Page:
Bar Colline, created by D.C. brothers and hospitality entrepreneurs Eric and Ian Hilton, will join six street-level offerings at two new apartment buildings at 1900 Crystal Drive, announced developer JBG Smith in a press release.

The new restaurant is anticipated to open in early 2025 and will be an interpretation of French bistro Café Colline, which the brothers opened in the Lee Heights Shops along Langston Blvd in June 2020.

The Hilton brothers, operating as H2 Collective, have received national attention for their burgeoning D.C. restaurant empire, including Cafe Colline, Chez Billy Sud in Georgetown, Brighton at the Wharf and El Rey taqueria in Ballston and on U Street NW in D.C.

They are also behind Players Club, Parc de Ville in the Mosaic District, Solace Outpost in Falls Church and delivery-only burger purveyor Gee Burger.

The newest venture will boast a bar and private dining room with an “eclectic ambiance,” a press release from JBG Smith said. Bar Colline’s menu will feature shareable plates, wine and inventive cocktails.

The venue will join multiple businesses coming to the new apartment buildings, dubbed The Grace and Reva. They are Chinese-French fusion restaurant Bar Chinois, Cuban café and bar Colada Shop, national blowout and hair styling brand Drybar, a nail salon called nailsaloon, and popular chains Tatte Bakery & Cafe and New York-based Van Leeuwen Ice Cream.

JBG Smith is also behind an explosion of food options in Crystal City after opening a 1.6-acre dining destination in the Crystal City Water Park last October in an effort to “[cultivate] engaging places that create lively communities and exciting experiences,” JBG Smith Senior Vice President of Retail Leasing Amy Rice said in the release.

“We’re thrilled to welcome H2 Collective’s newest concept, Bar Colline, to the neighborhood and expect it to offer customers a unique and compelling reason to return again and again,” Rice said.

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Craft beer and whiskey bar Rebellion on the Pike is closing.

The bar at 2900 Columbia Pike opened in April 2019. In an Instagram post Monday afternoon, Rebellion blamed economic circumstances and said its last day would be in two weeks, on Monday, Feb. 19.

It is with great regret that we share the news of our plans to cease operations here on the Pike. The recent economic downturn has had a great effect on many people, especially around here on Columbia Pike. While we have had our fair share of struggles over the years, a global pandemic to name mention one, we have had a great run here at 2900 Columbia Pike. That time has been filled with so many great memories they are impossible to fully list here. Birthday parties, retirement ceremonies and celebrations of life for dear friends taken far too soon. This is definitely a sad day for us and anyone we have come into contact with over the last five years.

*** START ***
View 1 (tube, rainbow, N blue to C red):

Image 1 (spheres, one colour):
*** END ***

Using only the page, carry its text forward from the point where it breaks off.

We would like to thank those of you who we became dear friends with over the years. We would like to thank our current and former staff who put in so many hours of hard labor here. Lastly, we would like to thank our partners and vendors for providing us with the high quality products you became used to here. All of those groups made this place what it was. We’ll certainly miss those relationships.

Our LAST CALL will be held on Monday February 19th. President’s Day seemed like a fitting day to shut it down. Many of you can join us for a recovery Brunch that day, as we celebrate one final Daytona 500 in that traditional Rebellion style the day before. And with it being President’s Day, we can be reminded by our very own Rebellion TJ shirts one last time, “A little Rebellion now and then is a good thing.”

Rebellion replaced another former Pike watering hole, BrickHaus, which was only open for about a year.

Infamously, in 2021 a local TikTok personality feuded with Rebellion and fellow Columbia Pike bar Celtic House — and some employees — over alleged mistreatment, culminating in criminal charges against her that were later dropped.

The incident also prompted a deluge of negative reviews of Rebellion on Yelp, though most were subsequently removed.

Hat tip to Katherine Z.